Acts 7:9-10
9 “The patriarchs, jealous of Joseph, sold him into Egypt; but God was with him, 10 and rescued him from all his afflictions, and enabled him to win favor and to show wisdom when he stood before Pharaoh, king of Egypt, who appointed him ruler over Egypt and over all his household.
According to Stephen, God's action began after the sin of Joseph's brothers. God worked through various people to bring Joseph into a better situation in which the work of God would be evident. He granted that Joseph would have favor in the eyes of his master Potiphar (Genesis 39:4, which did not work out all that well), his jailer (Genesis 39:21) and Pharaoh (Genesis 41:44, Acts 7:10).

Thus, God did indeed mean it for good but only after the fact of the brothers' sin. God did not need the sin of these brothers to accomplish his plan. God took a negative intention and worked out a positive result.

This interpretation was understood by Stephen in Acts. It is also the usual understanding given by scholarly Bible interpreters.

New Interpreter's One Volume Commentary (Abingdon Press):
Joseph has the benefit of hindsight. He sees that God has made good come out of his suffering, preserving the life of his family and many other "families of the earth."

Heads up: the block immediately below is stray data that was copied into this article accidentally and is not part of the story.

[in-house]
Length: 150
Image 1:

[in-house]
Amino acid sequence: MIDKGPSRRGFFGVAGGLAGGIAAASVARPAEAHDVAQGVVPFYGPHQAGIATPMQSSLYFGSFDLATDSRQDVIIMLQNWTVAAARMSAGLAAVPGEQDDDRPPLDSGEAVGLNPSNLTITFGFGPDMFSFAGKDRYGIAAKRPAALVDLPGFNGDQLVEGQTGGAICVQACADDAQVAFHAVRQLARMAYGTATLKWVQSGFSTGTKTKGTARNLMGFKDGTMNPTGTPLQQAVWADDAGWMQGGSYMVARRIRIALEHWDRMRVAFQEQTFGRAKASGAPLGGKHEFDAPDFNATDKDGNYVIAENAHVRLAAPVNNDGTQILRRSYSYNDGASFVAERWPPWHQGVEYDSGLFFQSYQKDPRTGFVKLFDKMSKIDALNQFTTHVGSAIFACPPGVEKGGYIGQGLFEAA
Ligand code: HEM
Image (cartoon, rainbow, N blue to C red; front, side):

New King James Version Study Bible, 2nd Edition (Thomas Nelson):
God transformed the evil of a group of men into an exceedingly great work. Joseph not only saved the lives of numerous people in the ancient world, he also testified to the power of goodness of the living God. God works His plan even through the evil plans of evil people.
New International Version Study Bible (Zondervan):
Their act, out of personal animosity toward a brother, had been used by God to save life―the life of the Israelites, the Egyptians and all the nations that came to Egypt to buy food in the face of a famine that threatened the known world. At the same time, God showed by these events that his purpose for the nations is life and that this purpose would be effected through the descendants of Abraham.

The following astute observation comes from a Facebook thread. The writer is Rohan Holt. He noticed that the action of the brothers may have actually delayed God's work and did not help it along.
In one of Joseph's dreams he saw the sun, moon, and the stars bow down before him. This was interpreted as his father (the sun), his mother (the moon), and his brothers (the stars). However, because of his brother's evil the fulfillment of the prophecy was so delayed that Joseph's mother had died, so the "moon" never did actually bow down before Joseph when the rest did.